Couple moving out of garage on heels of city ordinance

Becky Johnson, pictured in front of her garage at 1205 15th Ave. N. in Princeton, where her sister and sister’s boyfriend have been staying for more than a year.

Even without the new city ordinance passed last month, the woman and her boyfriend who have been living in the detached, two-stall garage at 1205 N. 15th Ave. in Princeton for more than a year, were preparing to move out.

The city council passed an ordinance on Jan. 26 which prohibits people from living in garages or accessory buildings. The only exceptions are a few living spaces that had been built or remodeled above some garages some time ago to make so-called mother-in-law quarters.

The woman who has been living in the garage is in her late 40s and is a sister of the property owner – Becky Johnson – who lives in the house next to the garage.

Johnson and her daughter Katie were interviewed regarding the situation and Johnson’s sister talked to the Union-Eagle by phone. Johnson’s sister and her boyfriend declined to have their names given.

Princeton Police Chief Brian Payne served notice to Johnson on Feb. 2 that she had until the end of the month to correct the situation.

The embryo of the new ordinance began forming more than a month ago when Princeton City Development Director Carie Fuhrman reported in December having received reports that people might be living in garages on the north and south ends of the city.

Garage couple down on luck

The situation with the couple in the garage is that the boyfriend was underemployed for awhile when he was working part-time at a convenience store, Johnson said. He quit that job to look for full-time employment. Then Johnson’s sister slipped on ice and hurt her back during the winter of 2010-11 and was out of work for six months.

The sister said she had some help through short- and long-term disability insurance through her job but that it was only 60 percent of what her wages had been. It wasn’t enough to be able to afford an apartment and it wasn’t low enough to qualify for county assistance, she noted. Would the community have been happy if she had to go on public assistance? she asked.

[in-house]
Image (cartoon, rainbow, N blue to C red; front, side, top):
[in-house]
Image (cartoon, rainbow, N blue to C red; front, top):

“I’m not a vagrant, not a bag lady,” she continued, adding that she didn’t think anyone was doing anything wrong by her and her boyfriend staying in the garage until they could afford to move into something else.”

“It was not meant to be a forever fix,” said Johnson, noting that the sister had been living in a motor home in the backyard starting in the spring of 2010 until it began getting too cold in the fall of that year. Johnson then had the garage insulated, sheetrocked and a propane gas furnace put in for the sister and boyfriend to move in there in about November 2010.

Then in December 2010, Johnson’s sister slipped on ice and injured her back, had back surgery about a month later and was on medical leave from her job at an optical factory in the St. Cloud area. In midyear last year she was able to go back to her job and her boyfriend got a job with the same business. The full-time employment for both has made their financial situation good enough that they set yesterday (Wednesday, Feb. 15) as the day to move out of the garage.

Johnson and daughter Katie noted that the garage’s propane furnace has a carbon monoxide (CO) detector, plus a safety shutoff, and the garage has a second CO detector.

Although the garage does not have running water, it has electricity and the main house has the bathroom. The garage was also equipped with a countertop, kitchen table, refrigerator, cupboards, two couches, a bed, Internet, TV with cable and a side window large enough to exit, according to Johnson.

“I didn’t just stuff her into the garage,” Johnson said of her sister. “It was comfy for her, for them.”

“I’m not proud of the fact I’m living in my sister’s garage,” the sister said. “It’s a necessity issue.”

Johnson said she felt Payne was accommodating in how he served the notice to enforce the new ordinance. But she and her sister said they were unhappy that the city hadn’t contacted the two to check out the garage and situation before passing the ordinance.

“I’ve lived here for 21 years and I would have expected the city or police to contact me before reading about it (the new ordinance) in the paper,” Johnson said. “I was shocked. I was not hurting anyone. I was helping my family and I had the means to do it. From my sister’s point of view, she wasn’t happy. It was demeaning for her to move into the garage.”

Johnson also said she doesn’t believe that whoever reported the garage being a possible residence was doing it out of safety concern, but that it was “malicious.” The sister said they should have minded their own business.

The sister is leaving the garage with deep gratitude for Johnson having provided the garage as living quarters.

“She has angelic wings,” she said of Johnson. “She is an angelic sister.”

“We were just doing what we can to survive,” the sister said.

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